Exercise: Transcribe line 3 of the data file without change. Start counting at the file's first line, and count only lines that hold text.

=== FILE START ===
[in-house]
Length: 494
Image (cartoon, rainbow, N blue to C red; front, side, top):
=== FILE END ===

Image (cartoon, rainbow, N blue to C red; front, side, top):